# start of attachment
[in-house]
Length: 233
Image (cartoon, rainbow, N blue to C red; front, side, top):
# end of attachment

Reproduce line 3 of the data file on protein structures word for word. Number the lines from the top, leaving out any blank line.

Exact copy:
Image (cartoon, rainbow, N blue to C red; front, side, top):